W hen the guns fell silent on November 11, 1918, the British had produced some seven million MkI helmets. With the advent of the Second World War, the British army were using only a slightly improved steel helmet.
A new liner system was developed for the MkI in 1936, and existing stocks of the helmets were retrofitted. This liner was a single piece of oilcloth with five fingers and mounted to a central band with eight rubber bumpers to provide support. A crossbar of pressed-fiber pulp held the liner in the helmet via a single screen at the top of the dome. A rubber T-shaped pad was mounted on the top of the bar to add further cushioning. Instead of the four sizes used in the MkI, this new liner system was available in 10 sizes. A new elastic chin strap, with a khaki canvas outer layer, was also introduced and retrofitted to existing helmets.
The updated MkII with the new liner system and elasticized chinstrap (Author’s collection)
In 1938, the War Office began production of new helmet bodies that used this liner and chinstrap system. The helmets featured an improved line strap-securing lug and were designated the “Helmet, Steel, MkII.” This is the most commonly encountered British helmet of WWII. About 12 million were produced between 1938 and 1944. But, unlike the MkI, not all were made in the United Kingdom, as many were produced in Canada during the Second World War.
“Canadian helmets were issued almost exclusively to Canadian troops,” says Roger Lucy, who has collected helmets for nearly 40 years, and is the author of Tin Lids: Canadian Combat Helmets. He adds that there were exceptions to the rule, and 1,150 helmets were sent to Newfoundland, 1,100 to Jamaica, 3,000 to Trinidad and 1,000 to the Norwegian Air Force.
While the MkII is often remembered as a British helmet, these were widely exported and were sold to neutral countries, including Turkey and Ireland, during the conflict. They were also used by Allied forces, including those soldiers from occupied nations such as Poland and Norway. Lucy noted, “The other Commonwealth-produced helmets also made it throughout the world. For example, South African helmets seem to have been more widely distributed to various contingents fighting in North Africa, while Australian helmets went to India and other forces in the Asia/Pacific area.”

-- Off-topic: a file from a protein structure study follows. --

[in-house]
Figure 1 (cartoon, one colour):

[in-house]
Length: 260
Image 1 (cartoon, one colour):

A NEW DESIGN: THE MKIII
After the Blitzkrieg of spring and early summer 1940, it became apparent that the Second World War wasn’t going to be a replay of the first. It was just as apparent that the MkII was ill- suited for this faster style of war. Ironically, the helmet did serve well during the air raids. But on the front lines a new helmet was needed.
“Being that they had the Germans knocking at their front door, there were indeed far greater concerns upon their plates to address than making new helmets for their troops,” says Harlan Glenn, author of For King and Country. “Developing and manufacturing new aircraft and better small arms came far before such things as tin hats.”
But, by 1941, a new helmet was developed. It wasn’t until 1943 when it was introduced for Commonwealth troops, most notably, the Canadian. “The MkIII came out just in time for the ‘Big Show’–the invasion of Normandy,” says Glenn. “That is when the MkIII made it’s big debut. It came ashore at Gold, Juno and Sword Beaches, along side the old MkII worn by some of the old salts like the 50th and 51st Infantry Divisions.”
Made of manganese steel, the helmet was, in fact, developed by the Medical Research Council and produced by Briggs Motor Bodies Ltd., and Rubery Owen Company. It used the MkII liner and chin strap. The MkIII was one of the shortest lived British helmets of WWII. Only about 500,000 pieces were produced.